Everyone wants stronger growth. By “4.5 percent growth,” however, we generally mean real growth. Under NGDP targeting, it’s possible for the Fed to get a growth rate of 4.5 percent, of which 3.5 percentage points are inflation and only 1 percentage point real. That hardly accords with the spirit of the line in the Fed statute about increased production.
The goal of the proposal is to target to volume of spending on goods and services in the economy. In equilibrium, a 4.5 percent rate of spending, when combined with the historic 3 percent in the productive capacity of the economy would generate a 1.5 percent inflation rate. According to the CBO, the U.S. entered a productivity slowdown five years ago, and it is projected to continue for the next decade. Presumably, that is why the Goldman Sachs proposal is for 4.5 percent growth. Potential output may grow only 2.5 percent, and so a 4.5 percent increase in spending on output will result in 2 percent inflation. In equilibrium, the Goldman Sachs proposal will generate the inflation rate that the Fed appears to be targeting.
My preference is a 3 percent growth path for nominal GDP. This is equal to the long run trend growth in potential output and so should result in zero inflation on average. If potential output has really grown slowly for the last few years and that continues, the result would be low inflation, close to 1/2 percent. The best way to address the problem is supply-side reforms.
While the long run consequences of a 5 percent, 4.5 percent, or 3 percent growth path for nominal GDP is not going to be inflationary, the Goldman-Sachs proposal is not for 4.5 percent nominal GDP growth from its current value. It is rather to move to a 4.5 percent growth path starting from the end of 2007. This involves moving at least part of the way to the growth path for nominal GDP that the economy was one between 1984 to 2007. The proposed growth rate for the next two years is closer to 10 percent.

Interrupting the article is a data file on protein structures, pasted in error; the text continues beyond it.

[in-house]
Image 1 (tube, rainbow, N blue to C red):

Is 10 percent nominal growth unrealistic? Is it inherently inflationary? The growth rate of nominal GDP was over 10 percent for most of 1983 during the Reagan-Volcker recovery from the recession of 1982. The inflation rates during those years was about 3 percent. But did not result in progressively higher inflation.
Shlaes claims that economists like Taylor and Friedman would oppose this rule. While Friedman did advocated slow, stable growth for the quantity of money, he claimed that velocity was very stable. If velocity is stable, then a stable growth path for the quantity of money is the same thing as a stable growth path for nominal GDP. What would happen to the price level and inflation due to supply shocks, like bad harvests or an increase in the price of oil, or even a persistent productivity slowdown are exactly the same as with a nominal GDP target. (Friedman's proposal for 3 percent money growth with stable velocity is the same thing as a 3 percent nominal GDP target.)
The difference between a money supply rule and a nominal GDP rule, is that the nominal GDP rule changes the quantity of money to accommodate changes in the demand to hold money. In other words, the quantity of money changes to offset changes in velocity. Friedman believed that the Fed could offset changes in the money multiplier and so keep the quantity of money on target. I certainly will grant that adjusting the quantity of money to offset changes in velocity is more difficult than simply offsetting changes in the money multiplier. But with large changes in velocity, there is little choice. If velocity was stable, the targeting nominal GDP would be the same thing as targeting the growth rate of the money supply.
Shlaes asked Taylor what he thought about NGDP targeting and described his preferred reform. According to Shlaes, he favors "not widening the Fed’s growth mandate, but rather removing it." In other words, he favors targeting inflation only.
Generally, the "Taylor rule," has the Fed manipulate short term interest rates based on past or expected future inflation rates and the past or expected future output gap between real output and potential output. Taylor favors dropping the output gap portion of "his" rule.
The "rule" was initially an empirical regularity--what central bankers actually did during the Great Moderation. It seemed to be quite effective. Unfortunately, it has proven ineffective. Changes in short run interest rates have not proven able to close output gaps while keeping inflation under control. Inflation is under control, but the output gap is not closing. Taylor's "solution" is to keep his rule and just ignore the output gap.
The Market Monetarist perspective is that the Fed is responsible for adjusting the quantity of money to meet the demand to hold money. A failure to do so results in undesirable changes in nominal expenditure. With nominal expenditure 14 percent below the trend of the Great Moderation, it is clear that the "Taylor rule" that worked so well for 20 years has failed. It is time for something new. Targeting the growth path of nominal GDP, and letting the price level change based upon changes in productivity, is a better approach.